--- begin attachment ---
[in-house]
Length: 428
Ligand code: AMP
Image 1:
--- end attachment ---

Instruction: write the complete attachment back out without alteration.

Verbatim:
[in-house]
Length: 428
Ligand code: AMP
Image 1: